Calcium is the most abundant mineral in our body, a crucial element making up our bone and an essential supplement in our daily diets. Moreover, Ca2+ serves as a signaling messenger involved in all kinds of fundamental cellular activities such as muscle contraction, neurotransmitter release, cell growth and apoptosis. In eukaryotic cells, Ca2+ is mostly stored in the endoplasma reticulum (ER, an organelle found in the eukaryotic cells) or sarcoplasma reticulum (SR, a special type of ER found in muscle cells). During the signal transduction process induced by electrical or chemical stimuli, Ca2+ is released from the store through ryanodine receptor (RyR) or inositol-triphosphate receptor (IP3R). RyR and IP3R are two major types of Ca2+-release channels located on SR/ER membranes, respectively. Efficient release of Ca2+ from the store depends on not only RyR and IP3R, but also other ion channels on SR/ER membranes.
TRimeric Intracellular Cation (TRIC) channels are a family of newly identified ion channels on SR/ER membrane. They support the release of Ca2+ through RyR or IP3R and maintain the homeostasis of ions within the SR/ER lumen. TRIC channels have important physiological functions in the biological processes related to muscle contraction and bone formation. Animals lacking TRIC channels show symptoms of hypertension, heart diseases, respiratory defects and fragile bones. Two subtypes of TRIC channels, namely TRIC-A and TRIC-B, are present in human and other animals. Recent genetic studies highlighted the pivotal roles of TRIC-B protein in lung development and bone formation. For instance, brittle bone disease (also known as osteogenesis imperfecta/OI) is a human genetic disorder occurring ∼1 in 20,000 individuals (according to NIH), and some OI patients were found to bear mutations in the TMEM38B gene encoding TRIC-B protein.
In a recent work published online in Nature journal, YANG et al. (led by Dr. LIU Zhenfeng at the Institute of Biophysics of Chinese Academy of Sciences) reported the long-awaited structures of TRIC-B channels (from Caenorhabditis elegans) for the first time (see the figure shown below). The structures were captured at two different conformational states and striking features about TRIC channels have been deciphered in great details. Unexpectedly, TRIC-B protein was found to bind a lipid molecule (named phosphatidylinositol 4,5-biphosphate, PIP2) specifically, and they forms a stable homotrimeric complex. Each monomer of TRIC channels contains an asymmetrical pore permeable to monovalent cations, and the three monomers cooperate with each other to achieve simultaneous opening. Remarkably, the endogenous PIP2 molecule mediates trimerization of TRIC channels, and also contributes directly to the formation of pore architecture. Furthermore, the TRIC-B channels exhibit two different conformations under Ca2+-bound and Ca2+-free states. The findings led to a mechanistic model explaining how TRIC channels respond to Ca2+ and voltage so as to become activated and open their gates for K+ or Na+ to flow through. These results provide a framework for further investigations on the molecular mechanism, physiological function, pathophysiological roles and pharmacological potentials of the TRIC channel family.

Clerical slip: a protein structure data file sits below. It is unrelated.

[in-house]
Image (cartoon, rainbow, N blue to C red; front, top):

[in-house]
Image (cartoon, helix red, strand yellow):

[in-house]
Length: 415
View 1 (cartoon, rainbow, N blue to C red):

The work is entitled "Pore architecture of TRIC channels and insights into their gating mechanism", and published online by the NATURE journal on Oct 3, 2016. The research project is financially supported by the National 973 Program from Chinese Ministry of Science and Technology, the Strategic Priority Research Program and the "135" project of the Chinese Academy of Sciences (CAS). Dr. LIU Zhenfeng is supported by the "National Thousand Young Talents" Program from the Office of Global Experts Recruitment in China. YANG Hanting and HU Miaohui, the two co-first authors with equal contributions, are graduate students from Liu lab. Dr. Guo Jianli Guo and Ms. OU Xiaomin performed electrophysiological experiments and data analysis in this research. Dr. CAI Tanxi (from YANG Fuquan lab at IBP) carried out mass spectrometry experiments on the lipid samples. The X-ray diffraction data were collected at the BL17U beamline of Shanghai Synchrotron Radiation Facility and BL1A, BL5A and NW12A beamlines of the Photon Factory. Dr. SUN Jianyuan's group at IBP provided the access to their electrophysiological devices used in this work.
Figure legend A homotrimeric CeTRIC-B1 channel in complex with PIP2 lipid molecules. The protein subunits are presented as ribbon models colored in blue, green and red. The PIP2 lipid molecules are shown as yellow-and-red sphere models. The views are along the membrane plane. Below the structure, a trace of the electrical activities CeTRIC-B1 measured through the inside-out patch-clamp electrophysiology is shown. (Image provided by YANG Hanting and LIU Zhenfeng). A cartoon model of the endoplasma reticulum, where the TRIC channels are located, is shown in the background. (Image by IBP)
LIU Zhenfeng, Ph.D.
National Laboratory of Biomacromolecules
Institute of Biophysics, Chinese Academy of Sciences
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